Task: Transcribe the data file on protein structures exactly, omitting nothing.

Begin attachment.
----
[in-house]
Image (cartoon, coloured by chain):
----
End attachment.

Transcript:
[in-house]
Image (cartoon, coloured by chain):